Hanna Lundqvist, a writer for the magazine of the Swedish Union of Journalists, says that without the media to communicate it, the whole phenomenon would not function.
“Without the media presence the whole week would not really reach out to many people beyond the mix of politicians and representatives for the various organisations, agencies and campaigning organisations actually present in Visby.”
Neither is Almedalen the week-long party its critics sometimes portray it as, she says.
“It has become the thing to criticise the wine receptions in Visby, and the close relationship between the powerful and the people supposed to watch them, especially lobbyists. There are a few shocking examples, but most journalists there actually toil away for most of the day.”
Outside of the wine receptions and after-parties there are those less welcome in the sunny microcosm of the real Sweden created by the island. Unfortunately for those wishing to escape normal politics, the problems of contemporary Sweden are still present in Gotland.
Swedish pluralism means that the far-right are now a fixture on the seminar lists and media schedules. In the September elections the anti-immigration Sweden Democrats won thirteen per cent of the votes, and amongst the champagne networking events and Q&As they can no longer be ignored. Within the neat borders of the island, the increasingly mainstream nature of extremist politics is all too plain to see.
The far right in Sweden has built itself on nostalgia for a white Swedish golden age, and on an image of Sweden that is both insular and superior. According to the Swedish academic Maria Wendt, Associate Professor in Politics at Stockholm University, nationalism is visible amongst all the parties in Gotland.
“It strengthens the already symbiotic relationship between politicians and journalists … During Almedalen week, nationalism is always surprisingly prominent. Politicians and the media are strikingly unanimous in their belief that ‘we’ are especially democratic, successful and equal in ‘our’ nation.”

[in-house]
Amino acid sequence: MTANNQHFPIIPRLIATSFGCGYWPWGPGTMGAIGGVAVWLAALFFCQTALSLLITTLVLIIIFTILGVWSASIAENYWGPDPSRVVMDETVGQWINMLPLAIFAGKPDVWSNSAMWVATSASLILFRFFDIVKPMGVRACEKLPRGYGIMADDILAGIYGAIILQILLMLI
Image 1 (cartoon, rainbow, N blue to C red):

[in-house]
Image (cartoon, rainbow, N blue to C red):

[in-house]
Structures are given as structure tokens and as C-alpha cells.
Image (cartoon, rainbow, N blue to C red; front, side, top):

This exceptionalism is nothing new and was already established Palme’s time, standing atop a trailer in 1968. Although firmly internationalist, Sweden has fostered and cultivated the idea of the people’s home or folkhem. Invented by the Social Democrats as a metaphor for the mutual cooperation of family in society, it used the nation as a frame for left wing politics – a kind of civic nationalism. It was the same phenomenon that let Fredrik Reinfeldt launch his Alliance for Sweden project in Gotland, standing not atop a trailer but on a carefully choreographed stage, a potential father of the nation like Palme before him. Swedish progress and Swedish exceptionalism go hand in hand, no more so than in the idyllic surroundings of the Gotlandic summer.
Retreat to the nation.
Palme was cut down by an unknown assassin in 1986, whilst Reinfeldt departed quietly in September after hæmorrhaging votes to the far right. What the future holds for Sweden depends very much on who talks loudest and who can seize the agenda in the summers to come. In the brave new world of modern Sweden, what plays out in the hyper-real political theatre of Visby will have real consequences over the water in the remains of the people’s home.
This autumn has seen Russian submarines in the Baltic and a Social Democrat at the helm again, but the certainty of Olof Palme’s secure future is long gone. With voters rejecting the world outside, the nation could be on the way to being as insular as the island it retreats to.
Header photograph by Marcus Johnson, Leanderfotograf.
Dominic Hinde is an academic, journalist and translator, specialising in Scandinavia and Northern Europe. More information can be found here.